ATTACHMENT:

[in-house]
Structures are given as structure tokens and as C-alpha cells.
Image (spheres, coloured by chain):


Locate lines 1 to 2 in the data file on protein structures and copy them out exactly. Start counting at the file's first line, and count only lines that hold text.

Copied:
[in-house]
Structures are given as structure tokens and as C-alpha cells.